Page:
it would, in all likelihood, be accompanied by this release.
Losing Sleep -Bandcamp
– Overexposed (Forced Abandonment Records)
If George Orwell and Orson Welles ever set out to start a
Punk or Hardcore band, chances are it would sound a lot like
New Jersey’s Aguirre. Considering their 2015 demo ‘Poverty
Rowe’ was accompanied with a dark, black and white film
noir movie concept, the thought doesn’t seem so far-fetched.
Part demo, part film college thesis, it was as outlandish
as it was brilliant.
Come 2017 and the band has returned with their first full
length ‘Overexposed’. I was invited by singer
Patrick Flynn and drummer Paul Alan to give these ten songs
an authoritative listen before putting in my two cents.
To start with, ‘Overexposed’ does a lot to
set itself apart from what’s being called Hardcore
or Punk these days. Not to say that there is anything wrong
with being a Hardcore act in 2017. Or for that matter, any
year. It’s just that I haven’t heard a whole
lot that sets one band apart from the other recently. Musically,
‘Overexposed’ goes in a lot of interesting directions
you won’t hear from in your typical Joe Hardcore act.
Vocally, Aguirre lead a dark path with sinister vocals that
sound as if they were a prophetic narrative warning of darker
days to come. Timely, considering the current political
landscape. One can really appreciate the sense of storytelling
throughout. Whether intended or not, each of the 10 songs
feel connected, as if they were written with the intention
of being the score to a George Romero movie. I can say with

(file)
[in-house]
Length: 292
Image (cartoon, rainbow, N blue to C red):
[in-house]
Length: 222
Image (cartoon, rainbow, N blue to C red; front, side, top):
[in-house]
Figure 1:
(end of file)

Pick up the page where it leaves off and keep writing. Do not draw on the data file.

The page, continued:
all honesty that I like where Aguirre are taking things.
“Overexposed” is available on cassette and digitally.
Point – "History Repeats Itself and We Never
Learn Fast Enough" EP (Bandcamp)
Greg Furlong is by far one of the nicest people I’ve
met through going to shows (my social media jabs regarding
his taste in music aside.) As the drummer for Basement Beers
and Scary Stories, he stands out as one of the best and most
animated stickmen in the state. Being how those two acts have
served me well in the somewhat recent past, I was eager to
give these newly recorded songs some attention and focus.
Having barely heard of the duo known as Moot Point. I approached
this two-song recording with little to no knowledge of the
band or the style of music they played, an approach that
didn’t change how completely off guard I felt upon
listening to these two short and very abrasive tracks. Raw,
unhinged, chaotic and dissonant would best describe the
sound being put forth on these songs.
Featuring Vince Basile (guitar/vocals/lyrics) and Greg
Furlong. “History Repeats...” two songs screamer
is more Power Violence, Screamo, Noise Rock than its predecessor,
2016’s garage rock friendly “Clockwatcher.”
With “A clear head of thought” and “History”
coming together in just about four and a half minutes, I
had a hard time judging just what it was I liked or disliked
about this particular recording. However, I’m grateful
in that it gave me the chance to compare it to their previous
recordings. Whether or not this is your kind of noise, it’s
definitely worth checking out.
Point on Bandcamp
– The 1987 Demo (540 Records)
I still recall the numerous times I stopped in to Some Records
when in route to the Sunday Hardcore matinees at CBGB’s.
It was the main spot to check out flyers for upcoming shows.
Peruse the latest Hardcore releases and pick up the latest